So, after I dropped the kids off, I was thankful to see that the traffic cops were still at the busy 4 way intersection. (Which, by the way, has no traffic light. No so bad, except that I have to turn left across traffic, when I can't see over the Escalades and Tahoes to my right. This doesn't even bring to the table the cars coming out of the intersection on the opposite end, or the traffic on the busy street turning either my way or the other way, both of which block my view, my path or my concentration.
Yes, thank gosh for the traffic cops.
Although, this morning, as I was making what I secretly refer to as the "death turn", the traffic cop was miffed that I wasn't turning fast enough. He was just standing, so I hesitated before going through the intersection. This, of course, prompted him to emphatically wave his arm in a "come on, come on..." motion, and he face and body language seemed to say, "what are you waiting for?"
(Uh, some reassurance that I am not going to be hit either broad-side or head on, for starters.)
This was when I nervously went on the inside of the (too widely placed, in my opinion) orange traffic pylons.
Every time I drop the kids off, I think to myself that those damned pylons (or "cones"), are placed in such a way, that it forces a VERY wide turn and it's a real challenge to get around them when turning left. (Especially when you are going above 1.672 mph.) But get around them I (eventually) do. Except for when I have just been wordlessly scolded by a traffic cop, apparently.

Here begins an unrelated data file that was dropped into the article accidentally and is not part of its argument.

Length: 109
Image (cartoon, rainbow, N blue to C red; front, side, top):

Ok, so I accidentally found myself turning on the inside of the conical area, instead of outside of it the way the Escalades have to turn. I didn't have an automotive close call or anything. I was rattled so I missed taking the extra effort to make that super-duper, extra wide turn which is required. (I'm not in a big SUV, so I don 't need a wide turning angle like the other moms.)
So, what is worse for an Aspie than being wordlessly scolded by a traffic cop for not driving quickly enough? Hearing the same cop shouting, "Awwww! Come ON!" for accidentally making a clean turn while trying to go faster, so I don't get shouted at. (Ironically.)
Let me tell you, it's been a tough morning.
I ended up pulling into the gas station down the road. I was going to turn around and talk to the cop, explain that this is the second time (at least) that he has (literally) shouted at me, when all I am doing is trying to drive cautiously through the Intersection of Death.
And this was when I decided how to implement my "Autism Friendly Campaign"... Quite simply through something I think will be really amazing, called the Autism Friendly Alliance.
Sounds cool, doesn't it?
So, what exactly is the Autism Friendly Alliance (AFA)?
It's a group of companies, organizations and establishments who want to say:
Companies, organizations and establishments who wish to promote themselves as Autism Friendly can download the below AF logo and use it on their company marketing materials or displays.